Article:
PROMINENT Merino advocate Dr Charles Massy will outline his approach to organic and regenerative agriculture at a Melbourne forum this week.
At the two-day Organic Investment Co-operative forum at RMIT University on December 8, Dr Massey will discuss his recently-published book Call of the Reed Warbler: A New Agriculture – A New Earth.
Dr Massy has chaired and served as a director on a number of national and international review panels and boards of business, research organisations and statutory wool bodies, involving garment manufacture, wool marketing, research and development, molecular genetics and genomics.
His first two books told the history of the Australian Merino and his third book, Breaking the Sheep’s Back (2011), recounted what he saw as the political destruction of the Australian wool industry. It was short listed in 2012 for the Prime Minister’s Literary Award for Australian History and for the Ashurst Business Literature Prize. His new book, published by the University of Queensland Press, discusses the emergence of a regenerative agriculture in Australia.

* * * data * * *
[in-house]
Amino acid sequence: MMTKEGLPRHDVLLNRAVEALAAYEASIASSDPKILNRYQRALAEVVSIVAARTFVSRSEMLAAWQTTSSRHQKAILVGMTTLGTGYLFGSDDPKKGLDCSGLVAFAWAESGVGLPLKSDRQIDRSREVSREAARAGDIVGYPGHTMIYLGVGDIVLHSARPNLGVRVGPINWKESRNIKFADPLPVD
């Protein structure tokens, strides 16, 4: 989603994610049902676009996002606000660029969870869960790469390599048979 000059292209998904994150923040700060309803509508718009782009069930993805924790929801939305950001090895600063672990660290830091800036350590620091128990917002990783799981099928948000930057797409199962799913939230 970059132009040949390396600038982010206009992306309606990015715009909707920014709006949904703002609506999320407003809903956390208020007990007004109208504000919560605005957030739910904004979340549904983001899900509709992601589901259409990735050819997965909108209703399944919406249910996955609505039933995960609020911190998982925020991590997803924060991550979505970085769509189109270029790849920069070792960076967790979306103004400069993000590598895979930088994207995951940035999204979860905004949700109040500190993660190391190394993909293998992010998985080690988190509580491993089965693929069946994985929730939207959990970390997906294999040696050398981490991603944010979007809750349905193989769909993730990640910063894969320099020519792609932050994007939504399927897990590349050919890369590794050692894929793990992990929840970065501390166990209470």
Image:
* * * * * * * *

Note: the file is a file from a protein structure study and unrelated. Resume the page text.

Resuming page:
Dr Massy still manages the family’s grazing property in NSW while teaching at universities and consulting widely in the fields of Merino breeding, landscape design and transformative change in agriculture.
Charles gained a BSc (Zoology, Human Ecology) at ANU (1976), before going farming and developing a prominent Merino sheep stud business. His concern about land degradation and humanity’s sustainability challenge led to him completing a PhD in Human Ecology (ANU) in 2012.
The event is being organised by the Organic Investment Co-operative and supported by the Farm Co-operative and Collaboration Program, or Farming Together, a two-year, $13.8m Australian Government initiative to help agricultural groups value-add, secure premium pricing, scale-up production, attract capital investment, earn new markets or secure lower input costs.
The program has launched a free online co-op builder for groups considering forming themselves into these tax-effective structures. The simple, DIY template is available at www.farmingtogether.com.au
Click here for ORIC forum details.